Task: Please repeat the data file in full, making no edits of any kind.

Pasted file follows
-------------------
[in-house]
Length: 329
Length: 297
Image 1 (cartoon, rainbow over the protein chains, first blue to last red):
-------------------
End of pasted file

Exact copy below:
[in-house]
Length: 329
Length: 297
Image 1 (cartoon, rainbow over the protein chains, first blue to last red):